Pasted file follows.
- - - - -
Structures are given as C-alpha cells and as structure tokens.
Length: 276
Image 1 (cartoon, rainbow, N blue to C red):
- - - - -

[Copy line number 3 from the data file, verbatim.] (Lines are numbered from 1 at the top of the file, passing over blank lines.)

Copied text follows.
Image 1 (cartoon, rainbow, N blue to C red):